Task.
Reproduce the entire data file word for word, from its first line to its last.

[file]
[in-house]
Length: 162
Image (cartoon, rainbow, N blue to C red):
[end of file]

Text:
[in-house]
Length: 162
Image (cartoon, rainbow, N blue to C red):